Labor Department Answers More Questions About the FLSA During the COVID-19 Pandemic

The United States Department of Labor has issued six new Questions and Answers related to interpretation and enforcement of the Fair Labor Standards Act (“FLSA”) during the COVID-19 pandemic. The FLSA is the federal statute which establishes the federal minimum wage and which also determines which employees must be paid overtime compensation for working more than 40 hours per week (non-exempt employees) and which employees are exempt from that requirement (“exempt employees”). Click here for the DOL FAQs. The new questions and answers begin at Question No. 14. Here is a brief summary:

  • Pay for Telework. Employers must pay for all hours of telework which they knew or had reason to know was performed by non-exempt employees. This applies even if the work was not authorized. Employers are not required to pay employees for unreported telework time that they had no reason to believe had been performed.
  • Continuous Pay. Non-exempt employees who are teleworking do not have to be paid for all hours between when they start working each day and when they stop working each day. An employer which provides flexibility to teleworking employees to attend to child care and other personal requirements (flexible hours) must only pay those employees for hours actually worked.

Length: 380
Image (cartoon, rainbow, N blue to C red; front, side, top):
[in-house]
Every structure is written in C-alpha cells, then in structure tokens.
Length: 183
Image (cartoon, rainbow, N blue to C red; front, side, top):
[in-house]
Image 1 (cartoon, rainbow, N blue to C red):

• Non-Exempt Duties Assigned to Salaried Employees. During the COVID-19 public health emergency, employers may reassign exempt employees to perform non-exempt duties and maintain their salaried status so long as the employer continues to pay those employees on a salary basis and at least $684 per week.
  • Hazard Pay. There is no FLSA requirement for hazard pay. FLSA only requires payment of the federal minimum wage ($7.25) plus time and one-half of employees’ regular rate for all weekly hours in excess of 40. Some states and localities have higher minimum wages and some states and localities may have hazard pay requirements.
  • Exempt Employee Status During FFCRA Leave. Taking paid sick leave or expanded family and medical leave under the Families First Coronavirus Response Act does not affect employees’ exempt status under the FLSA.
  • Salary Reductions for Exempt Employees. Employers are not barred from reducing exempt employees’ salaries. However, salary reductions must be implemented prospectively — employees need to be told of salary reductions before the start of any weeks or weeks in which salaries are reduced. In addition, salaries may not be reduced below $684 per week.

For more information, please contact Joseph Hofmann or reach out to the Stevens & Lee attorney with whom you regularly work.

This News Alert has been prepared for informational purposes only and should not be construed as, and does not constitute, legal advice on any specific matter. For more information, please see the disclaimer.